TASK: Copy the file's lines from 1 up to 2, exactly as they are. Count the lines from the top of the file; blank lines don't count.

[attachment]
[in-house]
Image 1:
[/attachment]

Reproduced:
[in-house]
Image 1: